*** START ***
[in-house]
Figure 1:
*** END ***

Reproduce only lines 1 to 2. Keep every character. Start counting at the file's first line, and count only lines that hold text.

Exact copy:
[in-house]
Figure 1: